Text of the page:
A: Tattoos have gone from being crude and for being for people who want to be different and stand out from the crowd to being more culturally accepted. Nowadays I think a tattoo has more artistic value. Credit goes to various celebrities who have been inked and many people follow in their footsteps and I believe that they are more accepted now than ever.
A properly designed tattoo accentuates the human form and it is becoming not only sexy to have tattoos but it is also an expression of someone's character and for those who have an attraction to the art form which they want to express and show off on their body.
Q: What would be the "dream" piece that you want to put on someone's skin?
A: I have various pieces I want to tattoo, all black and grey, quite dark, sexy and gothic. There's a few portraits I'd love to do too - Marilyn Manson in his Mobscene phase being one of them.
Q: You work in many tattoo styles, do you have any favorite?
A: Yes definitely, I seem to have found black and grey realism a style a truly enjoy. I could tattoo for hours getting the right blends and shades and I tend to use white quite a lot in my work. Too much can spoil a piece so it's a challenge to get just the right balance. Realistic black and grey, definitely my favorite.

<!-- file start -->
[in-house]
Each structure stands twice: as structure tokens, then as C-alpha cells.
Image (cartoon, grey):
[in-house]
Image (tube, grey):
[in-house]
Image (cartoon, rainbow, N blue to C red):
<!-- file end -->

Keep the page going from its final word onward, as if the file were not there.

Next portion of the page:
Q: My readers would be definitely interested in getting in touch with you, so please add your contact info here, such as email, online profile, studio address etc.
Instagram - @colatherockstar
Facebook - http://www.facebook.com/nicolasultimateart
Website - www.nicolagreetham.co.uk
Studio - 309, Prestwick Road, South Oxhey, Watford, Hertfordshire, WD19 6UT
Q: Do you have any plans for the near feature?
A: Near future plans include continuing to push myself and create new and exciting artwork. It's the only way to improve and I hope that people appreciate the work I do.
- What would you say to beginners?
The advice I would give to beginners is draw, draw, draw! You can never draw too much, whether it be simple line work, stencils or complicated and detailed drawings.Just keep at it and eventually you will succeed.You will take a few knocks and there will be times when you want to give up but it's all about hard work.And if you want to succeed you'll push through and it will all be worth it!